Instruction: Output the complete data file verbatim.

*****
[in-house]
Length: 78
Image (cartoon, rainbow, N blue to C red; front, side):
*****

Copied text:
[in-house]
Length: 78
Image (cartoon, rainbow, N blue to C red; front, side):